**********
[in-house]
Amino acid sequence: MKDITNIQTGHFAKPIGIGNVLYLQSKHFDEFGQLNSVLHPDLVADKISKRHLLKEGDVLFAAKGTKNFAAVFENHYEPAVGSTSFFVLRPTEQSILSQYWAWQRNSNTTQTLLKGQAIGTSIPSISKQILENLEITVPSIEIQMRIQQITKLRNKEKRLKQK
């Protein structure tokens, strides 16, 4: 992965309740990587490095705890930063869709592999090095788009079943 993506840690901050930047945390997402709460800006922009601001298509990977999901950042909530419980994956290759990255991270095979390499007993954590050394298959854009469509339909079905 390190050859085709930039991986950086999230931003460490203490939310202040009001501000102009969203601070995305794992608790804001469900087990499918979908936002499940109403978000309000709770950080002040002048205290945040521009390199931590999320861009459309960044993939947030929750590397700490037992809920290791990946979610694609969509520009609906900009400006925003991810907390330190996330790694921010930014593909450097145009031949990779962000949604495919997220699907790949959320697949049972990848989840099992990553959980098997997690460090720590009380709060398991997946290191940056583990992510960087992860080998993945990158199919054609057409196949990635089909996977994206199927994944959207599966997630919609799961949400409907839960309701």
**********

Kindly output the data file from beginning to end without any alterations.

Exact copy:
[in-house]
Amino acid sequence: MKDITNIQTGHFAKPIGIGNVLYLQSKHFDEFGQLNSVLHPDLVADKISKRHLLKEGDVLFAAKGTKNFAAVFENHYEPAVGSTSFFVLRPTEQSILSQYWAWQRNSNTTQTLLKGQAIGTSIPSISKQILENLEITVPSIEIQMRIQQITKLRNKEKRLKQK
């Protein structure tokens, strides 16, 4: 992965309740990587490095705890930063869709592999090095788009079943 993506840690901050930047945390997402709460800006922009601001298509990977999901950042909530419980994956290759990255991270095979390499007993954590050394298959854009469509339909079905 390190050859085709930039991986950086999230931003460490203490939310202040009001501000102009969203601070995305794992608790804001469900087990499918979908936002499940109403978000309000709770950080002040002048205290945040521009390199931590999320861009459309960044993939947030929750590397700490037992809920290791990946979610694609969509520009609906900009400006925003991810907390330190996330790694921010930014593909450097145009031949990779962000949604495919997220699907790949959320697949049972990848989840099992990553959980098997997690460090720590009380709060398991997946290191940056583990992510960087992860080998993945990158199919054609057409196949990635089909996977994206199927994944959207599966997630919609799961949400409907839960309701």